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Optical Fiber Communications Systems : Theory A...

Extreme value theory provides a framework to assess rare but extreme events such as network outages or cycle slips. We present the theory of extreme value statistics and its application to optical fiber communication systems. 2020 The Author

Optical Fiber Communications Systems : Theory a...

Candidates must have a strong background in optical communications and experience in system design, algorithm development, and simulation of fiber optical communication systems. In addition, the following skills and experiences are highly desirable:

Dispersion compensation was originally proposed to equalize pulse distortion. With the development of wavelength division multiplexing (WDM) techniques for large capacity optical communication systems, dispersion compensation technologies have been applied into the field. Fiber-based dispersion compensation is an attractive technology for upgrading WDM communication systems because of its dispersion characteristics and good compatibility with transmission optical fibers. Dispersion compensation fibers and the modules are promising technologies, so they have been receiving more and more attention in recent years.

In this work, high performance dispersion compensation fiber modules (DCFMs) were developed and applied for the 40 Giga bit-rate systems. First, the design optimization of the dispersion optical fibers was carried out. In theory, the better the refractive index profile is, the larger the negative dispersion we could obtain and the higher the figure of merit (FOM) for the dispersion optical fiber is. Then we manufactured the fiber by using the plasma chemical vapor deposition (PCVD) process of independent intellectual property rights, and a high performance dispersion optical fiber was fabricated. Dispersion compensation fiber modules are made with the dispersion compensating fibers (DCFs) and pigtail fibers at both ends of the DCFs to connect with the transmission fibers.

a Schematic of the experimental setup. Inset: typical recovered constellations at the receiver. b Dispersion map of various WDM channels over the optical fiber link. c Typical received power spectral densities when a single (upper figure) and eight (lower figure) digital subcarriers are transmitted.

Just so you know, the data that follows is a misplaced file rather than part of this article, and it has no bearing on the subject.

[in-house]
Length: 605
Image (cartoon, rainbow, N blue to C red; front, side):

Some examples of the corresponding job titles are electronics engineer, computer engineer, hardware designer, systems engineer, communications engineer, communications analyst, telecommunications engineer, network engineer, network analyst, sales engineer, applications engineer, and field engineer.

The Graduate Seminar is organized for the benefit of graduate students to learn about the latest advancement in various high tech fields including communications, computational biology, computing, networking, photonics and fiber optics, solar energy and robotics. The speakers in the graduate seminar are selected among the top industry and academia experts. To learn more about high tech businesses and industries in Sonoma Country see North Bay Business Journal.

This course will introduce quantum mechanics from the perspective of quantum information science and engineering, focusing on two-level systems and the concepts of entanglement and decoherence. It will educate students on how quantum information can be used in quantum communication and quantum computing, both in theory and experiment. The course covers basic concepts such as two-level systems, Schroedinger equation, Bloch sphere, superposition, entanglement, quantum bits, quantum gates, Bells inequalities, and mixed states. Covering these basic concepts prepare the students for more advanced courses in the minor where they learn in depth about quantum algorithms, physical implementation of different quantum systems, and how to compute with existing quantum computers.